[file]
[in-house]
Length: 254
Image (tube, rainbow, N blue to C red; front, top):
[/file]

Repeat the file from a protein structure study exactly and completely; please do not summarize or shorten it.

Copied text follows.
[in-house]
Length: 254
Image (tube, rainbow, N blue to C red; front, top):